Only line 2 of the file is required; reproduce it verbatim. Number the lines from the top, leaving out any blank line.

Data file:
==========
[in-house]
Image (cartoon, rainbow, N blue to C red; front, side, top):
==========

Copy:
Image (cartoon, rainbow, N blue to C red; front, side, top):